Whether in relationships or at work, we all have moments in our lives when we take things too personally.

A meme comes to mind that depicts an unhappy looking couple, with a lengthy diary excerpt from the woman, troubled by her partner’s distant, moody behaviour. Over several paragraphs, she unpicks the day’s events and agonises over what she might have done to upset him. Then comes the man’s diary entry: “motorcycle won’t start… can’t figure out why.” Exaggerated gender gags aside, it does illustrate a truth about the warped reality that can emerge for anyone, man or woman, when we let our own insecurities and imagination take over.

Those at the top of their game aren’t immune. Veteran tech executive Jane Huxley has had her share of guiltily crying in the office after tense meetings, and developed the habit of scribbling the letters I-N-P – ‘it’s not personal’ on her notebook whenever she felt herself getting emotional in a meeting, and repeating it as a mantra.

Emotions like this may take hold at any moment, whether it’s in a meeting, and you interpret negative feedback to be directed at you, when your idea gets overlooked in favour of another, or simply if your boss doesn’t smile at you when you leave the office – you might tell yourself it’s because she’s still frustrated over an issue you resolved earlier in the week.

Along with making us unhappy, taking things too personally can deplete our confidence and blur our focus, our perceived flaws ultimately becoming self-fulfilling. It’s something I see repeatedly in my leadership coaching sessions. Being sensitive to what others judge in you absorbs a lot of energy and can create negative beliefs that limit your potential. Think about the people you admire and perceive as successful – chances are, they’re individuals who act with high levels of confidence and who are comfortable in their own skin.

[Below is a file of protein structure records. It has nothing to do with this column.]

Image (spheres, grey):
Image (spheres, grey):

In self-help book The Four Agreements, Don Miguel reminds us that what others say and do isn’t about us. “Don’t take anything personally – nothing others do is because of you,” he writes. “What others say and do is a projection of their own reality, their own dream. When you are immune to the opinions and actions of others, you won’t be the victim of needless suffering.” Take the example of someone making a snarky comment when you leave the office for a midday workout. You might think they’re annoyed at you not working as hard as they are, but it may just be that they feel guilty about letting their own fitness slip.

Blocking out our negative inner voice is easier in some situations than others. Think about being retrenched when everyone else gets to keep their job. The business environment is rife with politics, tricky stakeholders, and mixed messages. Even if you understand the business rationale, it can be hard not to take it as a rejection, and be left feeling unwanted and unworthy.

Shaking this feeling starts with exploring the story at the source of your reaction. If you feel less experienced, insufficiently skilled, or less included than your peers, could there be an online course, journal subscription or network you can tap into that will boost your confidence? If the feeling is prompted by underlying insecurities, rather than anything concrete, be aware of this and make clear choices about what you take to heart and what you let go.

Jane Huxley, formerly of Microsoft and now an MD at Spotify, says learning to do this marked a turning-point in her career. “It’s a powerful thing,” she once told me in an interview, sharing another tip from her mentor; “(they) said, “when you’re coming to work, just before you enter, look up at the top of the building. What does it say? It says Microsoft. The day that it says Huxley is the day that it’s personal. If it doesn’t say that, it’s not about you”.